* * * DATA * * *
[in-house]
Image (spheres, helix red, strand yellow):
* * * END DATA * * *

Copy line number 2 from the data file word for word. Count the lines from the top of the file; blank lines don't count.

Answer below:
Image (spheres, helix red, strand yellow):